|Surface Detail is a huge new novel about the
Culture from Iain M. Banks. Doubtless it will appeal to Culture groupies, but I must
confess I found it less than enthralling, mainly because there were far too many pages to
The story is told from several viewpoints, some living some dead;
though it is hard to define exactly what death means in this story. Many cultures (small
'c') in the universe have developed virtual afterlives in which the lucky dead (those
equipped with a 'neural net') can be reincarnated and from which they can sometimes be
'revented' back into reality. Some of these virtualities are heavens and some are hells.
And there's the rub -- the Culture (large 'C') is philosophically opposed to the hells,
but its own non-interventionist policies mean that on the surface it has to seem neutral
(they call it Realpolitik in our culture; small 'c' again).
The plot is complex and slow moving -- many characters die (sort of) and revenge
against their killers is an up front motive, though some other characters exhibit a
pleasing idealism in contrast to the cynicism of the movers and shakers. The Culture has
to interfere, of course. Clandestine operatives from Special Circumstances are ordered to
infiltrate and hopefully neutralise the hells and meanwhile there is a war to be fought in
There are too many characters, too many sub-plots and far too many infodumps where the
action comes to a complete stop as people lecture each other for page after interminable
page, explaining the politics, the sociology, and the technology; putting the enormous
tangle into perspective.
At half the length with half the number of characters this would be a taut and exciting
novel. As it stands, it is simply a sprawl; far too long for its length. It's ingenious
(Banks can sometimes be a deep thinker) but he is far too fond of his own voice and that
spoils the story.
Iain Banks' post-2000 novels have all tended towards the fat. I confess a little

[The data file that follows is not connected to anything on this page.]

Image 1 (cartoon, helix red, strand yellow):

ashamed, perhaps, but only a little that I felt his other recent works could all
have benefited from the attentions of a much stricter editor. Surface Detail
is in a slightly different position; what we seem to have here are two only glancingly
related stories shuffled together, and what's needed to tighten this book up isn't a
pruning so much as a deshuffling.
Story A is a murder/revenge tale in which an indentured woman is killed, is
surprisingly resurrected aboard a Culture ship and sets off in pursuit of her killer.
Story B is more along the lines of a political thriller and concerns the efforts of
various parties to stop the galaxy's more authoritarian civilisations from imprisoning the
minds of their dead citizens in virtual Hells. Story B, being broader in scope and grander
in scale, is probably what most readers would expect in a Culture novel, but it does drag
on a bit and it's more than usually obvious that Banks has an ideological drum to bang,
which tends to drown out the finer points of the narrative. On balance, I'd rather have
read a book that focussed on Story A, which moves at more of a clip and has all of the
actual Culture material in it.
The conjunction between the two stories, while apparently pivotal, is actually pretty
slight and doesn't make a hell of a lot of sense on reflection. It's more like a head-on
collision between the narratives: everything flies up into the air with 100 pages to go,
and by the time it lands again it's all resolved itself, in a less than entirely
satisfying way. Banks waves off his dramatis personae with an uncharacteristically pat
epilogue that doesn't help matters.
I don't mean to suggest that this was an unenjoyable read there's a lot to enjoy
here, but the overall package is lumpy and a little underwhelming.